Sunday, July 06, 2008

The General, the Flyboy and the Grunt

Last week's personal events pretty much overshadowed other news for me. That, plus the lack of regular internet connection, so I caught very little of what took place outside of my own little world. I did, however, catch bits and pieces of General Wesley Clark's comments about John McCain and found nothing to disagree with in what the general said. Fred Kaplan sums up the affair as a combination of Clark's political ineptitude and a grunt's cynicism toward the flyboys. Kaplan gets it right, at least from this grunt's view (which is, of course, from the ground).

Among infantry soldiers I knew in Vietnam, one of the most disdainful epithets was "sleeps in a bed at night". As far as we knew, pilots flew missions and went home. Even our chopper pilots, who were at far greater risk than Navy or Air Force pilots, usually slept in beds at night. Unlike the flyboys, though, chopper pilots were often down and dirty in the fighting. For me, dismissing flyboys was not so much that I was tough and strong (sometimes I give into that illusion) but rather that I was getting screwed and they weren't.

Until they got really screwed--shot down, killed or captured. Dead is dead and captured is even worse. And John McCain got truly fucked over in Vietnam, far worse than I did. He, along with many others, suffered great hardship with honor. General Clark was candid in his admiration. I, too, will always admire John McCain's strength and courage. I certainly don't know that I would have done as well.

One reason I will always remember John McCain's Vietnam service is that he never stops reminding me of it. Like Clark, I don't believe McCain's service record is much preparation for the presidency (although his duty as Senate liaison for the Navy probably taught him to schmooze well). I go a step beyond Clark and say that McCain's record of honor and courage as a POW has been far less evident in his subsequent public life. Don't forget, John McCain is a son of privilege and has long relied on good connections (grandfather, father, the Hensley fortune, Arizona Big Business, lobbyists and a fawning press) to make his way in life. He is hot-tempered and reckless with a blind faith in the "free market" and Big Money to solve the nation's problems and military force to deal with the rest of the world. Expediency and self-interest are more associated in my mind with Senator John McCain. Honor and courage are Lieutenant Commander John McCain.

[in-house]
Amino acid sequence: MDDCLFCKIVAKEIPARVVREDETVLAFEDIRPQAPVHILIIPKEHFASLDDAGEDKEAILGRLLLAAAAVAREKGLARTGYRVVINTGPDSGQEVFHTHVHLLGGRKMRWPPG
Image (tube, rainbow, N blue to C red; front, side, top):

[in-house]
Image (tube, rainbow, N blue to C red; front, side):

For me, McCain's experience as a congressman and senator is a far more reliable gauge of his potential as president than his military career. After all, he should have learned something during three decades in Washington. Apparently not, though. He's still a mindless militarist, an unreconstructed Cold Warrior, secure in the "faith of his fathers". The world has moved on. John McCain has not. I give him credit for working with John Kerry to restore diplomatic relations with Vietnam but other than that, I don't see actual accomplishments that give me any reason to think John McCain will offer much opportunity for the United States to meet the challenges of the 21st Century.

Barack Obama certainly has his limitations and uncertainties but those arise from the possibility of change and his inexperience. John McCain will bring us more of the same. He has experience but his experience is wrong for America and the world.

The general was right.



Blogger The Minstrel Boy said...

yeah, it was the same with us. during tet we reached a point where even little things like hot showers and chow would put us on edge. if we were between ops and they rolled out hot showers and hot chow we knew we were about to go into the next shitstorm most rickytick.

we did once amuse ourselves by using a flag officer's airstream for mortar practice. that fucker had the gall to roll by a unit that had air conditioning past us. not very bright to my thinking.

mcCain proved that he does have a shred of honor and decency in him. although if you examine his life and his career before and after the five years of hanoi, that demonstration of courage and selfless honor were the aberration, not the rule.

9:43 AM  

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